The challenge for the Government's pension reforms is whether they rebuild trust in the industry.
The pension changes announced in the Budget yesterday are a risk and based on "highly uncertain assumptions", according to a think tank.
Critics warn the major changes to retirement savings could leave pensioners short if they don't make the right decisions.
The pensions minister has outlined new caps on pension industry earnings that he says "will transfer £200 million" from providers' profits into "the pockets of savers".
Speaking in the House of Commons, Steve Webb announced plans to cap charges on workplace pensions at 0.75% of the funds being managed - the toughest of the options being considered.
"We are going to put charges in a vice and we will tighten the pressure year-after-year," Mr Webb said.
The cap will apply from April 2015, he said, and will include company pension schemes provided through automatic enrolment.
The move follows far-reaching pension reforms which were unveiled in George Osborne's Budget last week.
The changes announced by Chancellor George in last week's Budget mean that from today:
- The size of the total pension savings that can be drawn down entirely and taken as a lump sum rises to £30,000, without incurring a 55% tax charge.
- Previously, someone with a £30,000 pot would have had to pay taxes and charges of £21,000 if they wished to take this as a lump sum, but now they will pay £4,500, leaving them £16,500 extra.
- The size of a small pot that can be taken as a lump sum, regardless of total pension wealth, is increased five-fold to £10,000.
- The minimum yearly income that is required to access pension savings flexibly is cut from £20,000 to £12,000.
The first phase of the Government's pensions revolution has come into force, giving thousands of people greater freedom over how they use their retirement savings.
The shake-up means that around 400,000 people will be able to access their pension savings in a more flexible way in the coming financial year.
The Prime Minister has defended the controversial poster which said Budget help for bingo players and the price of beer were "to help hardworking people do more of the things they enjoy".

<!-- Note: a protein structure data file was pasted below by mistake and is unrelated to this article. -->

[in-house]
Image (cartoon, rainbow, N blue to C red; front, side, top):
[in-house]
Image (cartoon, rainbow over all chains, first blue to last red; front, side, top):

Speaking to ITV News Deputy Political Editor Chris Ship, Mr Cameron said: "I didn't see the poster myself....I think actually people have been very patronising to say that we shouldn't help bingo and that we shouldn't make sure that responsible drinkers can afford a pint in the pub."
David Cameron has hinted that protecting benefits for wealthy pensioners would go into the Conservatives' next manifesto.
The Prime Minister said not giving benefits, such as winter fuel allowances, bus passes and cold weather payments, to top-rate taxpayers would save only "a tiny amount".
Speaking to Saga members in Peacehaven, near Brighton, Cameron said that cutting the benefits would also "introduce another complexity into the system".
He told the audience: "We will set our policy for the next Parliament at the next election. I don't want to pre-judge that.
"But the only thing I would say is that people think you save lots of money by not giving these benefits to upper-rate, top-rate taxpayers."
David Cameron believes "it is right to give people greater choice" when it comes to their retirement, the Prime Minister's official spokesman said.
He told a Westminster media briefing: "These are people who have been saving for many years in defined contribution schemes and we trust them in the decisions they make.
"It's not for me to give advice. It is about ensuring that good advice is available to everyone."
David Cameron told ITV News it was "very condescending" to suggest people who are given the opportunity to drawdown money from their pensions will spend it all at once.
The Prime Minister told ITV News Deputy Political Editor Chris Ship: "I think it is a very condescending view to say to people who've worked hard, who've saved, 'We don't trust you because we think you're going to blow all that money you saved on one item or one holiday'.
"I simply don't believe people will do that ... These people who've worked hard, who've saved, they've been thinking about their retirement and it's only fair to let them spend their money in their retirement as they choose".
ITV News Deputy Political Editor Chris Ship, who is in the audience at David Cameron's PM Direct event, wrote on Twitter:
Hint of change on wealthy pensioner benefits? PM: Kept promise this Parliament-we make new pledges for next Parly but it saves "tiny amount"
David Cameron said giving people freedom with their pensions funds was "the right thing to do" and that this was "the right time to do it".
The Prime Minister told an event in Brighton that he doesn't believe people are "fundamentally irresponsible" or that they will spending all the money they draw down from their pension.